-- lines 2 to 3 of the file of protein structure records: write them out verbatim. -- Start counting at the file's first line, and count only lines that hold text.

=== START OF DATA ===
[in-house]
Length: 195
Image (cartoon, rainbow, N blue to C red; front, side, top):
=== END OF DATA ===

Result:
Length: 195
Image (cartoon, rainbow, N blue to C red; front, side, top):